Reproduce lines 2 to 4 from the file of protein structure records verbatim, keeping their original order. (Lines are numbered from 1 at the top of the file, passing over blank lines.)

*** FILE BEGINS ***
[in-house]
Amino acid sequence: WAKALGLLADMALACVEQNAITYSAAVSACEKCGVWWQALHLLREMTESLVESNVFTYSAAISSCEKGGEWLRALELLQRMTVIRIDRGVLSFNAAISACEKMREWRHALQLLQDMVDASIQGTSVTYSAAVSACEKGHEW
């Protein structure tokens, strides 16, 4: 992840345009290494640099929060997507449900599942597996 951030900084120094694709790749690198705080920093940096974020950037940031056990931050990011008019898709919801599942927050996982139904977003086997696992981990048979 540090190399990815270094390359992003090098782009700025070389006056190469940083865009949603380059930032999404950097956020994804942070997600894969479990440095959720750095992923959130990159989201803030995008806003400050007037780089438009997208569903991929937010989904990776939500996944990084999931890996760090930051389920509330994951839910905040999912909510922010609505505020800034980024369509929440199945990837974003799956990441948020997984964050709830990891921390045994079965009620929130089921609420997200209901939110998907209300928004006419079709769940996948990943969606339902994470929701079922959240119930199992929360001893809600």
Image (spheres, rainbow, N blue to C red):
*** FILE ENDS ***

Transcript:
Amino acid sequence: WAKALGLLADMALACVEQNAITYSAAVSACEKCGVWWQALHLLREMTESLVESNVFTYSAAISSCEKGGEWLRALELLQRMTVIRIDRGVLSFNAAISACEKMREWRHALQLLQDMVDASIQGTSVTYSAAVSACEKGHEW
């Protein structure tokens, strides 16, 4: 992840345009290494640099929060997507449900599942597996 951030900084120094694709790749690198705080920093940096974020950037940031056990931050990011008019898709919801599942927050996982139904977003086997696992981990048979 540090190399990815270094390359992003090098782009700025070389006056190469940083865009949603380059930032999404950097956020994804942070997600894969479990440095959720750095992923959130990159989201803030995008806003400050007037780089438009997208569903991929937010989904990776939500996944990084999931890996760090930051389920509330994951839910905040999912909510922010609505505020800034980024369509929440199945990837974003799956990441948020997984964050709830990891921390045994079965009620929130089921609420997200209901939110998907209300928004006419079709769940996948990943969606339902994470929701079922959240119930199992929360001893809600």
Image (spheres, rainbow, N blue to C red):